Magical: That was the only description I could summon when I first walked up to the Anderson Student Center, after having passed through the new lower quadrangle and the John P. Monahan Plaza for the first time. It was a brisk Friday night in early September. A high school football game was roaring away on Palmer Field, a place once hidden from the rest of campus but now connected. I said with a smile to my friend, “Welcome to the new St. Thomas.”

Seeing the plaza and student center up close for the first time was not only exciting, it was emotional. Over the past year and a half I have witnessed this student center come to life – not by simply watching the construction but also through observing and listening to the people who dreamed it and ultimately made it happen. I have learned that this is much more than a building. It is an icon that represents our St. Thomas community.

As a representative on the Undergraduate Student Government, I had a unique opportunity to work with other students in giving feedback on the new building. After sitting on countless student focus groups and meeting with Student Affairs staff members, I received a rather unusual email last October from Jane Canney, vice president of Student Affairs. She asked that I and a few other student leaders join her for lunch with Julie Woulfe, the benefactor of Woulfe Alumni Hall in the new student center. With curiosity, I accepted the luncheon invitation.

Woulfe, a resident of Danville, Calif., had flown to St. Paul to visit campus and view the construction. When the other student leaders and I sat down to lunch, Canney was quick to start the conversation. She asked Woulfe about her late husband, James Woulfe ’43, for whom Woulfe Alumni Hall would be named. Woulfe was delighted to talk about him. Any nervousness she had quickly vanished as she spoke about the person she loved and the man who inspired her to give back.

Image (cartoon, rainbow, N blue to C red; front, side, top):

James Woulfe made his living by working at a car dealership for most of his life. At the same time, he was deeply passionate about giving back to those institutions that gave so much to him. He often made significant contributions to a variety of Catholic organizations while doing his best to remain discreet about his giving. More than anything, St. Thomas was very special to him, and it was in this spirit that Julie made a contribution on behalf of James to the Anderson Student Center.

While speaking about James and his willingness to give so much, Woulfe’s words had a profound effect on everyone in the room, and I began to reflect on what this new student center meant. In part, it represents the ideals of giving back that the Woulfes so deeply cherish. But it also represents the hard work of many people like Canney andDr. Mary Ann Ryan, associate vice president of student affairs, who have dedicated years to this masterpiece. They and many others have worked with students every step of the way to build a center tailored specifically for students.

After the luncheon, I began helping Ryan give presentations about the Anderson Student Center to groups around campus. Whether speaking to an audience or having a chat with a friend over lunch in the Grill, I never get tired of talking about this wonderful new building and the people who made it happen. More so, I never tire of the excitement and joy it brings to those who listen.

When the new student center opens in January, may it be a reflection of our St. Thomas community and its incredible devotion to its students.

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